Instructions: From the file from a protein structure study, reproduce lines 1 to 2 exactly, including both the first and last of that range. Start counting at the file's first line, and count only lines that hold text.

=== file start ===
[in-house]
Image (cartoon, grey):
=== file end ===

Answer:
[in-house]
Image (cartoon, grey):